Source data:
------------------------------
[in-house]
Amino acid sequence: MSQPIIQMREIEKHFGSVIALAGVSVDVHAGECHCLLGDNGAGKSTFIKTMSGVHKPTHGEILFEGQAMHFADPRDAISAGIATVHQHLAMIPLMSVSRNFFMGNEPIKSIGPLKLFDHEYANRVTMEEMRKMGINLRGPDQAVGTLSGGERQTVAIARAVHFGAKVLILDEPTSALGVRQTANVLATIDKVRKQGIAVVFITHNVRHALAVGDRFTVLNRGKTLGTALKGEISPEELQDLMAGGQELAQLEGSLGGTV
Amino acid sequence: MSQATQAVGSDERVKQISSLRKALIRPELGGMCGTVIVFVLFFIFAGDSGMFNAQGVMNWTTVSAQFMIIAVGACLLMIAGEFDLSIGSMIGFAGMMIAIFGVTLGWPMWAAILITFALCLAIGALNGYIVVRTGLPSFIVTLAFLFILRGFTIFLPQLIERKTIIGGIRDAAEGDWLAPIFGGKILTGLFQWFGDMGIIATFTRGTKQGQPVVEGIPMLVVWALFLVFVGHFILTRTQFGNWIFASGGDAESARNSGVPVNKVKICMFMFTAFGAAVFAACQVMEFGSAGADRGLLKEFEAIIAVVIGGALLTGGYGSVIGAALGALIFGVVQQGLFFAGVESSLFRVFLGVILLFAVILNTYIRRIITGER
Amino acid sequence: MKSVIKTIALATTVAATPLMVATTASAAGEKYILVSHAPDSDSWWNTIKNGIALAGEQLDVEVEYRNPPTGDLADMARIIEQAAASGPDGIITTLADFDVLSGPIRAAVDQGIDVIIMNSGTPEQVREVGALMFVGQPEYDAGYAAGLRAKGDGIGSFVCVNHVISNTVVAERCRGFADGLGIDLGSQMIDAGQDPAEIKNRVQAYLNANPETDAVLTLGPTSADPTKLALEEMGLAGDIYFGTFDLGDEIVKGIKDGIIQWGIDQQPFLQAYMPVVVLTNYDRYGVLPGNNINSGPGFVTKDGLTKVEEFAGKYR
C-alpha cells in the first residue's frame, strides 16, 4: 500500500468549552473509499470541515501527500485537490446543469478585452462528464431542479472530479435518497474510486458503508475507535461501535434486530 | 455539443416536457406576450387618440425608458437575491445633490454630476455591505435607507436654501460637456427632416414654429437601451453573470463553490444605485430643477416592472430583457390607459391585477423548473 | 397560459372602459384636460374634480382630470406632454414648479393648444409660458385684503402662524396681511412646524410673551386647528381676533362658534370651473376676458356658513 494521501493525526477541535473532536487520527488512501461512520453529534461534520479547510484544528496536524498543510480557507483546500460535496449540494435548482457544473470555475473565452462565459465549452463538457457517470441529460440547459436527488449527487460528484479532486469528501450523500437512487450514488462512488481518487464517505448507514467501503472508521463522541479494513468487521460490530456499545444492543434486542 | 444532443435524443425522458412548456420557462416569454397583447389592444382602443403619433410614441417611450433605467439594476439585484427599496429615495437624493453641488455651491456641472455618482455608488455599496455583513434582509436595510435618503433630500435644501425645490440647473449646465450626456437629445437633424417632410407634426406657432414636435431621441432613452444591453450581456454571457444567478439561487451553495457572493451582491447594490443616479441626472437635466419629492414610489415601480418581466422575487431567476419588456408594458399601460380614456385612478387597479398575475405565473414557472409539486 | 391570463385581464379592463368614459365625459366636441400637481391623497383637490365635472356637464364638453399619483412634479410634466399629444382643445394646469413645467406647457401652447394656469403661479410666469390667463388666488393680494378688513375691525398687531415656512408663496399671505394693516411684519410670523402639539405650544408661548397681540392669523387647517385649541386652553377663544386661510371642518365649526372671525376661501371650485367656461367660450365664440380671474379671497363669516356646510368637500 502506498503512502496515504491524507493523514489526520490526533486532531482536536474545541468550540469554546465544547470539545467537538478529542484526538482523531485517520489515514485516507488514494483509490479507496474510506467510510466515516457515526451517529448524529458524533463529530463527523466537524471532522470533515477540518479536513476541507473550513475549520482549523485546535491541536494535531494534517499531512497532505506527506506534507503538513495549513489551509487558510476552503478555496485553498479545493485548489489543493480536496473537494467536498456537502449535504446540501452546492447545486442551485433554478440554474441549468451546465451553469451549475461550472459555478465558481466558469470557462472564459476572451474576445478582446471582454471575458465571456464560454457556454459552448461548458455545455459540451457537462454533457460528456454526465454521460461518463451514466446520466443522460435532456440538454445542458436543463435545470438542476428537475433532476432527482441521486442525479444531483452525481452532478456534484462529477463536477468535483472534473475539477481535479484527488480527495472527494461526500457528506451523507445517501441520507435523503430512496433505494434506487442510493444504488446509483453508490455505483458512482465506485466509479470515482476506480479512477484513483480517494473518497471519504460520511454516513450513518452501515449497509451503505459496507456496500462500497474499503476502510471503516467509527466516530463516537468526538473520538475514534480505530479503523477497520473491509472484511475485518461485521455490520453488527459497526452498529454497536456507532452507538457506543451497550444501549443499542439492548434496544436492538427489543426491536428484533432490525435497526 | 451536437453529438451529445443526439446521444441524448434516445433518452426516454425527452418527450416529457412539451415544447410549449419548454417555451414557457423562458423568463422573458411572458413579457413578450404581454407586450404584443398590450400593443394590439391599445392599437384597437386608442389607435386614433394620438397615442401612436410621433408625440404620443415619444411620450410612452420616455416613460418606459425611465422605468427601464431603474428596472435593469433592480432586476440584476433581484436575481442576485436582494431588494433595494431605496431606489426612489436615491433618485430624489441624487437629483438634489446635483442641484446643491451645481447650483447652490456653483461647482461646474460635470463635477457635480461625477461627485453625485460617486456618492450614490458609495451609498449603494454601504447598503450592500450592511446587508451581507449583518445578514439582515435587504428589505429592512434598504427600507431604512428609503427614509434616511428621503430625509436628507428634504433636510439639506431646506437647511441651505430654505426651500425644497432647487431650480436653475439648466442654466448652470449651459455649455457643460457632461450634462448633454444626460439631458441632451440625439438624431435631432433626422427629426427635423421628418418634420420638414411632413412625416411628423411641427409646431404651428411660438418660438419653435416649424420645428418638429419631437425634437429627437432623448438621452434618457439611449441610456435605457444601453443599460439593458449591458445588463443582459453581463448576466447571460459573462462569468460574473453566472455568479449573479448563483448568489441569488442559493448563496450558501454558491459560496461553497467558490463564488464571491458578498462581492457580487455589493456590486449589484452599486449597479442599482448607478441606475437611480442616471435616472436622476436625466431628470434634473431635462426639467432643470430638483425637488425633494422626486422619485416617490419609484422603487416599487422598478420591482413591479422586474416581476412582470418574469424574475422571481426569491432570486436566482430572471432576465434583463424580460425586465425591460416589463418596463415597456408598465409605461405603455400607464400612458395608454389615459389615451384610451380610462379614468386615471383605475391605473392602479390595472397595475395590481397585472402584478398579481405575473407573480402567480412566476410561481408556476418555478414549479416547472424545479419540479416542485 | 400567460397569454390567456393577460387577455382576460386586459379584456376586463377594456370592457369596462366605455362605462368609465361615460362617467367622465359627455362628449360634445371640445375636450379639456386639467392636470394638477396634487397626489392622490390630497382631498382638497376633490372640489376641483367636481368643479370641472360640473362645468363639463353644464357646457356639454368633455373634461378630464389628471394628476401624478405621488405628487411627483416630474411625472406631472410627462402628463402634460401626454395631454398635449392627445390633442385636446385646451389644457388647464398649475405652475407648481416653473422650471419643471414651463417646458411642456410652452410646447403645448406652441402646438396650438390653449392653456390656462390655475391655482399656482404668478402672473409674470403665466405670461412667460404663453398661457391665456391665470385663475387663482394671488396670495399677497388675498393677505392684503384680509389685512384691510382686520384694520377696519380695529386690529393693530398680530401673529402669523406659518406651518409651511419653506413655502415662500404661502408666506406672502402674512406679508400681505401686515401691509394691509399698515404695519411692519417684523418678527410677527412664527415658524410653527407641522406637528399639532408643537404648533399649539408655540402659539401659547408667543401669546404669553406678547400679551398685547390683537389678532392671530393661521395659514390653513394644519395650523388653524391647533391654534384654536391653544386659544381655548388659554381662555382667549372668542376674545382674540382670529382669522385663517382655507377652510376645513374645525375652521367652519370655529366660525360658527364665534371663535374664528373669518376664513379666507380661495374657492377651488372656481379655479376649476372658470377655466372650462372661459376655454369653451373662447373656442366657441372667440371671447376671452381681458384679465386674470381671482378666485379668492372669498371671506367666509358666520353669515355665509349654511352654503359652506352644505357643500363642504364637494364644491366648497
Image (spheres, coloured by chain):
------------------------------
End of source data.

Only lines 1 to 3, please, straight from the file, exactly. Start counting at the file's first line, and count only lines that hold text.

[in-house]
Amino acid sequence: MSQPIIQMREIEKHFGSVIALAGVSVDVHAGECHCLLGDNGAGKSTFIKTMSGVHKPTHGEILFEGQAMHFADPRDAISAGIATVHQHLAMIPLMSVSRNFFMGNEPIKSIGPLKLFDHEYANRVTMEEMRKMGINLRGPDQAVGTLSGGERQTVAIARAVHFGAKVLILDEPTSALGVRQTANVLATIDKVRKQGIAVVFITHNVRHALAVGDRFTVLNRGKTLGTALKGEISPEELQDLMAGGQELAQLEGSLGGTV
Amino acid sequence: MSQATQAVGSDERVKQISSLRKALIRPELGGMCGTVIVFVLFFIFAGDSGMFNAQGVMNWTTVSAQFMIIAVGACLLMIAGEFDLSIGSMIGFAGMMIAIFGVTLGWPMWAAILITFALCLAIGALNGYIVVRTGLPSFIVTLAFLFILRGFTIFLPQLIERKTIIGGIRDAAEGDWLAPIFGGKILTGLFQWFGDMGIIATFTRGTKQGQPVVEGIPMLVVWALFLVFVGHFILTRTQFGNWIFASGGDAESARNSGVPVNKVKICMFMFTAFGAAVFAACQVMEFGSAGADRGLLKEFEAIIAVVIGGALLTGGYGSVIGAALGALIFGVVQQGLFFAGVESSLFRVFLGVILLFAVILNTYIRRIITGER